I'm looking for a finite state machine that can match inputs to the regular expression .*b. deterministically (i.e. it cannot change state w/o being fed input and the transition to a new state is solely determined by the current state and the input word).

Consider the following examples that should be matched by the automaton: abc, abbc, abcbc, abcabc. The first one reflects a "happy path" while the remaining all require some level of backtracking, because the automaton will incorrectly match the first b it finds in the input with the b in the pattern.

My nondeterministic attempt looks like this:

enter image description here

You can see from the conditions on the edges that the transition to a new state not only depends on the current state and the input word, but also on the previous input word.

Can this converted to a DFA? Is there even a DFA for this regular expression?

This site claims yes, but in my opinion the DFA it produces for the regex cannot match all the examples w/o doing some magic behind the curtains:

enter image description here

Consider the transition steps for the example abbc:

  • word a: 0-.->1
  • word b: 1-b->2
  • word b: 2-.->3
  • word c: fail because there is no matching edge from state 3

Or am I missing something?

Based on David Richerby's answer I drew this DFA:

enter image description here

  • $\begingroup$ Can you give an example of a string that you think the DFA (from the site) won't match? $\endgroup$
    – klaus
    Nov 3 '17 at 17:20
  • $\begingroup$ @klaus I updated the question w/ an example. $\endgroup$ Nov 3 '17 at 17:30
  • $\begingroup$ "Is there even a DFA for this regular expression?" there are DFAs for all regular expressions: this is Kleene's theorem (not to be confused with Kleene's recursion theorems, which are something completely different.) $\endgroup$ Nov 3 '17 at 17:40
  • $\begingroup$ @DavidRicherby well that's good to now, but which one is it? $\endgroup$ Nov 3 '17 at 17:43

Every language described by a regular expression has a DFA – this is Kleene's theorem (not to be confused with Kleene's recursion theorems, which are something completely different). Standard algorithms to translate from regular expressions to automata give nondeterministic automata (NFAs), such as the one you found on the web. There are standard algorithms to determinize NFAs but they make the state space exponentially larger.

In this case, though, it's straightforward to produce a DFA by thinking about the language you're interested in. The language is all strings whose second-to-last character is $b$. So your automaton needs to accept if it gets to the end of the string and the previous character it saw was a $b$. I don't have any drawing software to hand but the following textual description is, I think, more useful. You need four states, corresponding to the combinations of "the character I just read was/was not $b$" and "the character before that was/was not $b$". You start in (not $b$, not $b$), since you haven't read any $b$s before you've read any characters. The transition function and so on should be pretty obvious.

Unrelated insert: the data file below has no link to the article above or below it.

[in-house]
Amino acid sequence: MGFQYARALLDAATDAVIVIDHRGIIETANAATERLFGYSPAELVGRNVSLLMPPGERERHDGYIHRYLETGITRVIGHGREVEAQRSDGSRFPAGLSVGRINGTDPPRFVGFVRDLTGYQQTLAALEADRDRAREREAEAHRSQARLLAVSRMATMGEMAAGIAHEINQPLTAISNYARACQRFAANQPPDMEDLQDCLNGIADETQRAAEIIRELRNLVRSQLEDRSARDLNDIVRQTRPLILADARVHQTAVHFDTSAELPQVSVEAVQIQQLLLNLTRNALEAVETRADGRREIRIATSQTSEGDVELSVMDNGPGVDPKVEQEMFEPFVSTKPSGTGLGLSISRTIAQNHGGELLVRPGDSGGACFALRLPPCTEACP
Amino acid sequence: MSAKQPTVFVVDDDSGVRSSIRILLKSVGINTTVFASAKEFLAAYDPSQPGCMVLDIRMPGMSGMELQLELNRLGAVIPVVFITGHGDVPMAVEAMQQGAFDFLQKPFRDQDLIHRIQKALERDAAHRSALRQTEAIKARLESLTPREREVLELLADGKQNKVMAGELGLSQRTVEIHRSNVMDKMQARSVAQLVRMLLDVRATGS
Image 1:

• $\begingroup$ Very insightful, thanks! I updated my question with a picture of the DFA you proposed. $\endgroup$ Nov 3 '17 at 18:40

Can this [the regular expression $.*b.$, my NFA] converted to a DFA?

yes and not sure about your NFA, it's not in standard form and looks too complicated for the regular expression you're trying to accomplish

Is there even a DFA for this regular expression?

yes, there is for every regular expression

Or am I missing something?

several things, first of all you didn't miss that the DFA you got isn't quite correct. For constructing an NFA one usually uses Thompson's construction and NFA minimization, that won't give you your version of an NFA, so you missed that. To get from an NFA to a DFA one usually uses $\epsilon$-move elimination, initial state reduction to one, powerset construction and finally DFA minimization, so you missed that as well.

The minimal NFA for the regular expression $.*b.$ reached by standard means would be:

$\mathcal N \mathcal A=(Q,\Sigma,\delta,s,F)$ with alphabet $\Sigma=\{b,\neg b\}$, set of states $Q=\{0,1,2\}$, initial state $s=0$, set of accepting states $F=\{2\}$ and transition function $\delta:Q\times\Sigma\to\mathcal P(Q)$ with the following defined transitions:

$\delta(0,b)=\{0,1\}$, $\delta(0,\neg b)=\{0\}$, $\delta(1,b)=\{2\}$ and $\delta(1,\neg b)=\{2\}$

From that a minimal DFA is obviously defined as follows:

$\mathcal A=(Q',\Sigma,\delta',q_0,F')$ with the same alphabet, set of states $Q'=\{0,1,2,3\}$, initial state $q_0=0$, set of accepting states $F=\{2,3\}$ and transition function $\delta':Q'\times\Sigma\to Q'$ with the following defined transitions:

$\delta'(0,b)=1$, $\delta'(0,\neg b)=0$, $\delta'(1,b)=2$, $\delta'(1,\neg b)=3$, $\delta'(2,b)=2$, $\delta'(2,\neg b)=3$, $\delta'(3,b)=1$ and $\delta'(3,\neg b)=0$

That's essentially the same DFA that you got from David, just get rid of those ugly $\epsilon$-moves at the end, give states proper names and instead of $'.'$-moves name them $\neg b$-moves

  • $\begingroup$ So you decided that your first move on StackExchange is to dig up a more than 2 year old question that already had an accepted answer, only to practice your condescending tone? Way to go, cevra. Way to go. $\endgroup$ Jun 7 '20 at 10:40
  • $\begingroup$ why would it be relevant that the question is 2 years old and that there was already an accepted answer? your DFA you drew according to David's answer is not a DFA, it features ambiguous moves, moves without input and is incomplete (a DFA defines transitions for each state and each input). $\endgroup$
    – cevra
    Jun 7 '20 at 16:07
  • $\begingroup$ xkcd.com/386 $\endgroup$ Jun 7 '20 at 16:18
  • $\begingroup$ you shouldn't ask if you don't want a correct answer $\endgroup$
    – cevra
    Jun 8 '20 at 17:07

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